Even if you are an experienced cyclist, it’s a good idea to review the fundamentals periodically. You may also want to review them with younger cyclists in your family.
The best guideline is: Be Alert. Be Wary. Be Seen.
Be Alert Scan ahead, center, left and right.
Be Wary Pay attention to vehicles, pedestrians and others on the road.
Be Seen Use your horn, hand signals and light to be seen by others on the road.
10 Tips for Safer Cycling
Communicate your intention to turn, stop, and change lanes using recognized hand signals. Learn more about hand signals for bicyclists here.
What is a Hazard?
Both road and weather conditions can be dangerous to riders. Identifying potential hazards and paying attention to your surroundings will keep you safer.
Hazards on the road
Make safe choices
Avoid riding at twilight or in the dark, especially on narrow roads and roads with speed limits that exceed 35 mph.
Source: AAA Exchange
Article coming soon.
The League of American Bicyclists five "Rules of the Road" are the core of their Smart Cycling program and will prepare you for a safe and fun bike commute no matter where you are riding.
Your safety and image of bicyclists depend on you. You have the same rights and duties as drivers. Obey traffic signals and stop signs. Ride with traffic; use the rightmost lane headed in the direction you are going.
Make your intentions clear to everyone on the road. Ride in a straight line and don't swerve between parked cars. Signal turns, and check behind you well before turning or changing lanes.
Ride where people can see you and wear bright clothing. Use a front white light, red rear light and reflectors when visibility is poor. Make eye contact with others and don't ride on sidewalks.
Anticipate what drivers, pedestrians, and other people on bikes will do next. Watch for turning vehicles and ride outside the door zone of parked cars. Look out for debris, potholes, and other road hazards. Cross railroad tracks at right angles.
Check that your tires have sufficient air, brakes are working, chain runs smoothly, and quick release levers are closed. Carry tools and supplies that are appropriate for your ride. Wear a helmet.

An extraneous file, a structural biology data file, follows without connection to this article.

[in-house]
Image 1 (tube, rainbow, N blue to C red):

>> Learn more safety tips in What Every Michigan Bicyclist Must Know
You may think it’s the handlebars that do the steering on a bike, but your body actually does the majority of the steering. If you turn by just moving your handlebars, you will make turns that are wide and clumsy. The tighter and smoother the turn, the more you have to lean.
Your job is to use small motions to steer the front wheel as little as possible to keep the bike directly under your center of gravity.
Source: League of American Bicyclists
Since 2006, the League of Michigan Bicyclists has distributed over 300,000 copies of What Every Michigan Bicyclist Must Know and What Every Young Michigan Bicyclist Must Know. The booklets are designed to help bicyclists safely and enjoyably share the public roads and trails of Michigan with other users. The booklet contains information about traffic laws, safety equipment, road and lane placement, signs and markings, fixing a flat, bike and helmet fitting tips, and more.
This handy booklet is designed for individual bicyclists, but is also an excellent resource for law enforcement agencies and other organizations interesting in distributing safety information.
What Every Young Michigan Bicyclist Must Know
What Every Young Michigan Bicyclist Must Know booklet is a companion piece to our adult publication, What Every Michigan Bicyclist Must Know. It was created to help young bicyclists understand how to ride their bicycles legally and safely in Michigan.
After realizing that many of the adult versions of this publications were actually being distributed at youth bicycle events, the League of Michigan Bicyclists created a stand alone document specifically targeted at elementary school-aged children.The publication is filled with colorful illustrations by Michigan artist Ray Templin. The playful art is coupled with simple text developed by the League of Michigan Bicyclists to help make it fun and easy for children to learn about bicycle safety.
If you or a group that you are associated with is involved with youth bicycle safety, please considere incoporating this document into your training or events.
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